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'Daughter remains daughter whole life': SC upholds women's right to parental property

The Supreme Court on Tuesday ruled that daughters will have equal rights in the parental property as sons even if the father died before the Hindu Succession (Amendment) Act 2005

twitter-logoBusinessToday.In | August 11, 2020 | Updated 19:53 IST
'Daughter remains daughter whole life': SC rules in favour of women's share parental property
rights can be claimed by the daughter born earlier with effect from September 9, 2005, Supreme Court said

The Supreme Court on Tuesday ruled that daughters will have equal rights in the parental property as sons even if the father died before the Hindu Succession (Amendment) Act 2005. A three-judge bench headed by Justice Arun Mishra said: "Daughters must be given equal rights as sons. Daughter remains a loving daughter throughout life. The daughter shall remain a coparcener throughout life, irrespective of whether her father is alive or not." Coparcener is a term used for a person who assumes a legal right in parental property by birth only.

"The rights can be claimed by the daughter born earlier with effect from September 9, 2005 with savings as provided in Section 6(1) as to the disposition or alienation, partition or testamentary disposition which had taken place before December 20, 2004. Since the right in coparcenary is by birth, it is not necessary that father coparcener should be living as on September 9, 2005," the bench added.

The apex court's ruling came during the hearing of appeals on whether the Hindu Succession (Amendment), which bestows equal rights to daughters in ancestral property, has a retrospective effect.  With this landmark judgement, it becomes clear that the amendment to the Hindu Succession Act, 1956 granting equal rights to daughters to inherit ancestral property would have retrospective effect.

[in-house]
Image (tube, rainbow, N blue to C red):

The apex court said the appeals on the issue were pending before different high courts and subordinate courts and the matters have already been delayed due to legal imbroglio caused by conflicting decisions.

"The daughters cannot be deprived of their right of equality conferred upon them by Section 6. Hence, we request that the pending matters be decided, as far as possible, within six months," the bench said. The apex court's verdict came on the issue whether the amendment to the Hindu Succession Act, 1956 granting equal rights to daughters to inherit ancestral property would have retrospective effect.

Also read: Ex-CJI calls for stringent laws to safeguard intellectual property rights

Also read: Female inheritance rights in India: Empowered women a key to economic progress

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